Behind almost every single thing you love about this city is someone who gets paid to make it happen. After all, those cable cars don’t drive themselves, those penguins at the Academy of Sciences don’t feed themselves, and the Golden Gate Bridge certainly doesn’t stay that majestic all on its own. Yeah, they may not get free catered lunches or rides to work on Wi-Fi enabled shuttle buses, but these seven people have it made. And while we’re a little jealous of what they do, more than anything we’re thankful they help make this city the treasure that it is.
Beach Blanket Babylon cast member: Shawna Ferris McNulty
If there’s one show everyone in San Francisco should see, it’s Beach Blanket Babylon. The world’s longest-running musical revue has been charming audiences with its hilarious songs, outrageous costumes, and gigantic hats since 1974. When you go, keep an eye out for Shawna Ferris McNulty, who’s played the lead role of Snow White as she travels around the world in search of her Prince Charming for 10 years (and is also a full-time understudy ready to play any of the parts at the drop of the hat).
Shawna has been going to see Beach Blanket Babylon since she was a kid, and one of the reasons she loves her job so much is because it is such a significant part of San Francisco culture.
“[Beach Blanket Babylon is] unlike anything on stage anywhere else,” Shawna said. “It’s an institution worth seeing. I know lot of people don’t necessarily like musicals, but it’s this zany show that spoofs pop culture and politics and there’s truly something in it for everyone.”
The show is known for its totally over-the-top customs and enormous wigs and hats, which Shawna said is one of her favorite parts about the job. Shawna wears headgear for so many different characters, including Kim Kardashian, whose costume... breaks the theater.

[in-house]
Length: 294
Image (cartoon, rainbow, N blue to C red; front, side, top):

“We do it all. We make you groan. We make you laugh. We dazzle you with hats and costumes and musical numbers,” she said.
And about those famous hats? Shawna said they’re one of everyone’s favorite things about the show, but she’s not allowed to disclose how they work. “But it’s very fun. I can say I think the San Francisco hat at the end weighs 300 pounds, but we literally have to sign something, so I can’t say more than that!”
Cable car gripman and four-time Cable Car Bell Ringing Champion: Leonard Oats
The cable car conductor might be the more well-known member of the two-person trolley crew, but the grip operator should get some serious love. The “gripman” is the driver who stands at the front of the car and is responsible for propelling and stopping the cable car while also ringing the bell that warns other vehicles and pedestrians it’s coming. Leonard Oats has been a cable car gripman for 17 years and works the Mason line, which is a shorter ride between North Beach and Nob Hill.
Being a gripman is not easy -- he must control the cable car’s momentum by varying how tightly the grip (basically a huge pair of pliers) attached to the car grasps the running cable under the tracks.
“It’s a hard job; it’s very physical, but also mental. You have to know what to do and you have to do it fast without even thinking,” said Leonard, adding that there’s a 95% failure rate during the first three days of training. There are times the job can be nerve-wracking, like when it rains and the brakes don’t respond as well as they do when it’s dry, and dealing with traffic (particularly on hills) is a constant ordeal. One mistake can damage the cable beyond repair -- a $100,000 blunder that also shuts the line down overnight.